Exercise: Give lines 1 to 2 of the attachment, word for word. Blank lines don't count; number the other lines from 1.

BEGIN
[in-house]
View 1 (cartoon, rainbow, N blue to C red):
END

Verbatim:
[in-house]
View 1 (cartoon, rainbow, N blue to C red):